Microsoft Corp will take $100 off the price of its Xbox One gaming console and let users view popular entertainment apps such as Netflix and ESPN without a $60-plus “Live” subscription, hoping to spur sales against rival devices like Sony’s Playstation 4 and Amazon’s Fire TV.
The moves mark another reversal for the software giant on the Xbox One, which is lagging Sony’s PS4 in sales and faces competition from existing consoles, streaming boxes such as Apple TV and Amazon’s new $99 gaming-and-entertainment device.
Microsoft has backtracked several times in marketing its gaming console. It dropped a requirement that Xbox One users maintain a constant Internet connection before the console went on sale. And it decided to allow support for used games after an outpouring of outrage from gamers last year.
On Tuesday, the company said it will now sell the Xbox One for $399, or $499 with a “Kinect” motion sensor, starting June 9. Executives had previously talked about the Kinect, which tracks hand and body movements, as integral to the device’s experience.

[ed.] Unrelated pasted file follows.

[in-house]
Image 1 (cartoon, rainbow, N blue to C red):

“That’s going to appeal to our fans on Xbox 360 who have been excited to try Xbox One but, because of affordability options, haven’t had the opportunity,” Yusuf Mehdi, Xbox vice president for strategy and marketing, said in an interview. “So we think that’s going to grow the market.”
As with Sony’s PlayStation and Nintendo’s Wii U consoles, Xbox One and Xbox 360 users will not be charged by Microsoft to run entertainment apps starting June.
Previously, only those who subscribed to its Xbox LIVE game and entertainment streaming service, which starts at $60 a year, could stream content from popular apps such as Netflix, Hulu and HBO Go.
Sales of the Xbox one console have lagged Sony’s PS4 since their holiday launches. Microsoft Corp said last month it has sold over 5 million Xbox One video game consoles as of April 17.
The console went on sale on November 22 in 13 countries, including the United States, United Kingdom and Australia, a week before Sony’s PS4 which sold more than 7 million units as of April 6.
(Reporting by Malathi Nayak, Editing by Franklin Paul and Cynthia Osterman)